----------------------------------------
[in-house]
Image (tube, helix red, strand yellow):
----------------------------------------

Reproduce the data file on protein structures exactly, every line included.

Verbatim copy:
[in-house]
Image (tube, helix red, strand yellow):